Some version of “California leads the way” has long meant that the West Coast giant often is the leading edge of change that eventually will come to rest of the nation. On April 1, 2021, a new California law went into effect that requires hospitals to maintain a supply of personal protective equipment (PPE) sufficient for 90 days of patient care.1

In the harsh retrospect of an ongoing pandemic, this does not seem like much to ask. We need only to remember the pleas for PPE by healthcare workers or that “bandanas and scarves” actually found its way to print in a Centers for Disease Control and Prevention (CDC) document to recall the dire days of scarcity as a novel virus emerged and spread.

“In many cases, employers have locked up or rationed N95 respirators, leaving nurses and other healthcare workers unprotected,” the law states. “In some cases, nurses have been disciplined for bringing their own [PPE] or demanding that appropriate [PPE] be provided when treating COVID-19-positive patients.”

Beginning April 1, 2021, an employer shall maintain a three-month stockpile of the following:

  • N95 filtering facepiece respirators
  • Powered air-purifying respirators with high-efficiency particulate air filters
  • Elastomeric air-purifying respirators and appropriate particulate filters or cartridges
  • Surgical masks
  • Isolation gowns
  • Eye protection
  • Shoe coverings

The California Nurses Association, which sponsored the bill, issued the following statement by American Nurses Association President Cathy Kennedy, RN: “Hospitals across the country failed to provide nurses and other healthcare workers with optimal PPE when COVID-19 hit and the consequences were devastating and deadly. Hospitals have a responsibility to ensure that their employees have the equipment they need to stay safe. This new law is an important step in holding hospitals accountable and protecting nurses and other healthcare workers.”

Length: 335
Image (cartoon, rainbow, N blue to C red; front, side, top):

Some of the provisions of the new law for hospitals are summarized as follows:

  • Maintain a supply of specified equipment in an amount equal to three months of normal consumption. Provide an inventory of its stockpile and a copy of its written procedures, as specified, to the Division of Occupational Safety and Health upon request.
  • Establish and implement effective written procedures for periodically determining the quantity and types of equipment used in its normal consumption.
  • Supply PPE to employees who provide direct patient care or provide services that directly support patient care in a general acute care hospital. An employer shall ensure that employees use the PPE supplied to them.
  • Single-use equipment in the stockpile shall be unexpired, new, and not previously worn or used.
  • An employer who violates the requirement to maintain a supply of equipment shall be assessed a civil penalty of up to $25,000 for each violation, unless the department determines that the employer could not meet the requirement due to issues beyond their control, such as unfilled orders from suppliers or the PPE has been damaged or stolen.


  1. California Legislative Information. AB-2537 Personal protective equipment: Health care employees. (2019-2020). Published Sept. 30, 2020.